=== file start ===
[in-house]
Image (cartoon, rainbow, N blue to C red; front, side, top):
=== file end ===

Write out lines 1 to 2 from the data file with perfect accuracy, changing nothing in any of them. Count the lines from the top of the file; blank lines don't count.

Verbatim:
[in-house]
Image (cartoon, rainbow, N blue to C red; front, side, top):